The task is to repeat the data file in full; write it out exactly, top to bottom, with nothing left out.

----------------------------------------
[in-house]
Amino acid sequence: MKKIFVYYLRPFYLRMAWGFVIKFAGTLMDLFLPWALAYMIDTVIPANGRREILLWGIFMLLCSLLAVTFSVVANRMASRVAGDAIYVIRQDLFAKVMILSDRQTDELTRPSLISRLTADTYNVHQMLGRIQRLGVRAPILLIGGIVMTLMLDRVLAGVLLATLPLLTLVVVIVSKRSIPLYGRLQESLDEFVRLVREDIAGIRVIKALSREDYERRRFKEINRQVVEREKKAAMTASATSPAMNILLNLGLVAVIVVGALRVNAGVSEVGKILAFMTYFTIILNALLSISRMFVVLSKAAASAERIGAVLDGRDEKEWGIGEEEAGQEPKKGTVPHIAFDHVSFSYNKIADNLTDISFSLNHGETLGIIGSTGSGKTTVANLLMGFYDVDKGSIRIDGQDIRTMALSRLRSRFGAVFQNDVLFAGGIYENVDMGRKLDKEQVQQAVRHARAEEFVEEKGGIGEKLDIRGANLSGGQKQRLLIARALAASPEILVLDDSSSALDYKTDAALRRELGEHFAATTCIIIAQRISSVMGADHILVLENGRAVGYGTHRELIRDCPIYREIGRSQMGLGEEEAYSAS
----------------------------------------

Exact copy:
[in-house]
Amino acid sequence: MKKIFVYYLRPFYLRMAWGFVIKFAGTLMDLFLPWALAYMIDTVIPANGRREILLWGIFMLLCSLLAVTFSVVANRMASRVAGDAIYVIRQDLFAKVMILSDRQTDELTRPSLISRLTADTYNVHQMLGRIQRLGVRAPILLIGGIVMTLMLDRVLAGVLLATLPLLTLVVVIVSKRSIPLYGRLQESLDEFVRLVREDIAGIRVIKALSREDYERRRFKEINRQVVEREKKAAMTASATSPAMNILLNLGLVAVIVVGALRVNAGVSEVGKILAFMTYFTIILNALLSISRMFVVLSKAAASAERIGAVLDGRDEKEWGIGEEEAGQEPKKGTVPHIAFDHVSFSYNKIADNLTDISFSLNHGETLGIIGSTGSGKTTVANLLMGFYDVDKGSIRIDGQDIRTMALSRLRSRFGAVFQNDVLFAGGIYENVDMGRKLDKEQVQQAVRHARAEEFVEEKGGIGEKLDIRGANLSGGQKQRLLIARALAASPEILVLDDSSSALDYKTDAALRRELGEHFAATTCIIIAQRISSVMGADHILVLENGRAVGYGTHRELIRDCPIYREIGRSQMGLGEEEAYSAS